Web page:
Multidisciplinary treatment choices seems to emerge as the best treatment strategy for long-term management of this disease, with primary goals on binge abstinence and at a second time a sustainable weight loss [44,45]. Nevertheless treatment should also target secondary outcomes as the increase and maintenance of motivation, the reduction of drop-out rates and the management of relapses [43,46]. Further studies are however required to enlighten most promising treatment combinations, considering evidences of limited usefulness of combining different treatments at the same time [35,36,38,39]. Stronger literature support stepped-care treatments, with a rising intensity of intervention tailored on disease severity [40-43].

Psychotherapeutic approaches to BED, mostly based on CBT models, are recommendable as first-line treatments with the wider evidences of efficacy also at long-term follow-up, but still unclear results on weight loss [36]. Otherwise simpler and cheaper interventions like BWL treatments, psychoeducational interventions and self-help treatments have showed significant efficacy in patients with lower disease severity and less comorbidity [43,44,53].

Drug therapy, especially SSRIs can be useful in lowering eating impulsivity and improving psychiatric comorbidities [36]. Unfortunately, long-term efficacy of pharmacotherapy as a stand-alone treatment for BED needs further research, as well as long-term effects of integrated treatment combining drugs and psychotherapy [36,38].

Even if bariatric surgery is not a recommended treatment for BED according to current guidelines [79], its clinical relevance in BED coupled with severe obesity deserves more careful clarifications [80].

In summary, even if literature data about BED diagnosis and treatment are gradually deepening and improving in detail and significance, further studies, especially literature review and meta-analysis, are still required with major regard to long term outcomes, stepped care treatment, improving of weight loss (also with surgery treatment) and lowering dropout rates.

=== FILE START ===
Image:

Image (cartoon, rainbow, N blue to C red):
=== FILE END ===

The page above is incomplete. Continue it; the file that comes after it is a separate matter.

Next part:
Binge Eating Disorder


Eating disorders


Eating Disorder not Otherwise Specified


Body mass index


Anorexia nervosa


Bulimia nervosa


Diagnostic and Statistical Manual of mental disorders


Cognitive behavioral therapy


Behavioral Weight Loss


Dialectic-Behavioral Therapy


Interpersonal Psychotherapy


Selective Serotonin Reuptake Inhibitors


Noradrenalin and Adrenaline Reuptake Inhibitors


Serotonin and Noradrenalin Reuptake Inhibitors


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We thank Dr Enrica Marzola for her help in the language revision of the manuscript. None else than the authors was enrolled in the preparation of this paper.

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The authors have no financial competing interest to disclosure. As regards non-financial competing interests, since SF is a member of the editorial board of the journal, he specifically asked not to be involved in editorial process of this manuscript.

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SF, GAD and FA have conceived this work. SF, GAD and FA supervised the manuscript in all phases of its preparation and critically revised the paper. FA and LO have managed the identification of search strategy, collection and selection of the articles and English translation, as well as reviewing and drafting of the paper. All authors read and approved the final manuscript.

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Amianto, F., Ottone, L., Abbate Daga, G. et al. Binge-eating disorder diagnosis and treatment: a recap in front of DSM-5. BMC Psychiatry 15, 70 (2015).